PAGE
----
In 2017, you were required to have insurance all year unless you qualified for an exemption. You might have gotten your insurance from an employer, from public insurance (Medicaid, Medicare, VA coverage), or from private insurance (purchased separately or from the Marketplace). And now your 2017 taxes are due. Don't get confused, get organized!

 

Forms, Forms, Forms...

If you got insurance from an employer or public insurance, you should have gotten 1095-B or 1095-C forms from them. You can file your taxes without those forms, though, because they are also reporting to the IRS.

If you got insurance through the Marketplace, you need the 1095-A form. You can find that online in your healthcare.gov account. With the information you have on the 1095-A form, you can reconcile your tax credits, which you do using IRS Form 8962.

Find out more about how to reconcile tax credits with this handy explanation.

If you got private insurance without tax credits, your insurer should have your 1095-A, and you don't file for tax credits. You still have to submit the 1095-A as proof you had insurance.

 

I Didn't Have Insurance. Can I Get An Exemption?

If you didn't have insurance for the whole year, you might have qualified for an exemption. Common exemptions would be:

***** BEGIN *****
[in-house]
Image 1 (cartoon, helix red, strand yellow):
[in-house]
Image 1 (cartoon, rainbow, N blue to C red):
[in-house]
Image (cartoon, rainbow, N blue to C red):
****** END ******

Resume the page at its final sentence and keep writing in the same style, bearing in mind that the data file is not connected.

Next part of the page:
• you were uncovered for less than 3 months (perhaps you moved or switched jobs)
  • cost of insurance for the household was more than 8% of your income and was unaffordable
  • your income is below the tax-filing threshold 
  • you were living out of the country for all or part of the year.

There are other exemptions, too. You file for an exemption using IRS Form 8965. Find out more below. 

 

No Exemption?  No Insurance?  Pay a penalty.

If you don't qualify for an exemption, and you didn't have insurance, you might need to pay a penalty. For the 2017 plan year, the fee is calculated 2 different ways — as a percentage of your yearly household income, and per person. You’ll pay whichever is higher.

1. Percentage of income: 2.5% of yearly household income. The maximum is the total yearly premium for the national average price of a Bronze plan sold through the Marketplace.

or

2. Per person per year: $695 per adult or $347.50 per child under 18. The maximum is $2,085 per household. 

 

A Household Is Made Up Of Individuals

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NOTE: Think about each person in the household separately! In some cases, you may have one person on the Marketplace or with employer insurance, one person with an exemption based on affordability, and a child on Medicaid or MIChild.

If you finish your taxes, you realize you will owe some money, and you don't want that to happen again, come visit us at 555 Towner, Ypsilanti, MI M-F 9-4 p.m., or call us at 734-544-3030, for a free consultation.

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Medicaid work requirements: A prescription for problems

“We’ll call you with the results on Monday.”